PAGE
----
Recent coronavirus-related guidance from the IRS (Notice 2020-29, issued on May 12) aims to give Code Section 125 cafeteria plan (“cafeteria plan”) participants some relief from irrevocable group health benefit and health and dependent care flexible spending account (“FSA”) elections made prior to the pandemic.

Under Notice 2020-29, an employer who offers group health benefits or FSAs through a cafeteria plan may amend the plan to permit participants to:

  • Without experiencing a change in status, make a prospective election during 2020 to (1) receive group health coverage previously declined during open enrollment; (2) switch group health coverage options; (3) revoke group health coverage entirely (only upon a written representation that the participant will enroll in coverage not sponsored by the employer); (4) make a new FSA election; or (5) revoke, increase or decrease the amount of an existing FSA election;
  • If the plan has an FSA grace period ending in 2020 (or the plan year ends in 2020, whether or not the plan has a grace period), apply grace period balances (which typically become unusable after March 15) or the applicable plan-year-end balances to eligible expenses incurred through December 31, 2020;
  • If the plan permits an FSA carryover amount to be applied to eligible expenses incurred in 2020, apply that amount to expenses incurred through December 31, 2020.

Employers have significant flexibility in implementing these changes, if they choose to do so at all.  For example, employers may choose to allow participants to switch coverage options, but not permit switches into less generous coverage, to prevent adverse selection.  Although changes, if any, should be communicated to participants promptly and the plan operated accordingly, the plan amendment to incorporate these changes does not need to be executed until December 31, 2021.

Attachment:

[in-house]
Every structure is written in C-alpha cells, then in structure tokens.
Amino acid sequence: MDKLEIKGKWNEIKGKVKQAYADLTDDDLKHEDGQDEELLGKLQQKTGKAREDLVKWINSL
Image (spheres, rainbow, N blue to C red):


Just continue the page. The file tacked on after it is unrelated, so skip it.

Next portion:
Importantly, employers with a grace period or carryover rule in effect for FSAs and that choose to extend the reimbursement period through the end of 2020 will inadvertently cause employees benefiting from the extension to be ineligible to contribute to a health savings account (HSA) during the extended period.  Employers considering this change should coordinate with service providers and counsel to determine how many participants have unused 2019 FSA grace period, plan year or carryover balances, and the resulting impact on those participants’ 2020 HSA contributions, if any, before implementing this change (which must be offered in a nondiscriminatory manner).  This potential pitfall does not apply to extensions of the reimbursement period for limited purpose FSAs, which may be freely offered in tandem with HSAs.

Note: The IRS also issued Notice 2020-33 on May 12, which increases the ceiling on FSA carryovers (for those plans that offer them) to 20% of the indexed Section 125(i) limit, which results in an effective $550 carryover limit for contributions related to the 2020 plan year.  This increased ceiling does not apply to carryovers of 2019 FSA balances discussed above, but rather to carryovers from the 2020 plan year, which are generally applied to expenses incurred in 2021.  Plans do not need to offer the maximum carryover amount or offer a carryover provision at all.  This change is not related to the pandemic, but rather was a technical change to account for the fact that the previous limit was not indexed to inflation, and the change will thus affect plan years beyond 2020.  However, the requirement that a cafeteria plan may not contain both a grace period and a carryover feature continues to apply.